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Publication numberUS3689279 A
Publication typeGrant
Publication dateSep 5, 1972
Filing dateJun 29, 1970
Priority dateJun 29, 1970
Publication numberUS 3689279 A, US 3689279A, US-A-3689279, US3689279 A, US3689279A
InventorsBedenk William T
Original AssigneeProcter & Gamble
Export CitationBiBTeX, EndNote, RefMan
External Links: USPTO, USPTO Assignment, Espacenet
High protein ready-to-eat breakfast cereals containing soy isolate
US 3689279 A
Abstract  available in
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Claims  available in
Description  (OCR text may contain errors)

United States Patent 3,689,279 HIGH PROTEIN READY-TO-EAT BREAKFAST CEREALS CONTAINING SOY ISOLATE William T. Bedenk, Springfield Township, Hamilton County, Ohio, assignor to The Procter &' Gamble Company, Cincinnati, Ohio 4 No Drawing. Filed June 29, 1970, Ser. No. 50,924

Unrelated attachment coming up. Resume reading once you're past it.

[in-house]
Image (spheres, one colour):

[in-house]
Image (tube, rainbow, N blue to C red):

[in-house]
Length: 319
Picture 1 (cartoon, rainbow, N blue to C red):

Int. Cl. A231 N US. Cl. 99-83 18 Claims ABSTRACT OF THE DISCLOSURE "BACKGROUND OF THE INVENTION This invention relates to novel food products of the breakfast cereal class and processes for their production. More specifically, the invention relates to breakfast cereals of the cold or ready-to-eat variety, the two terms used herein synonymously. Such food products produced in accordance with the present invention are tasteful, have excellent eating qualities and are highly nutritious.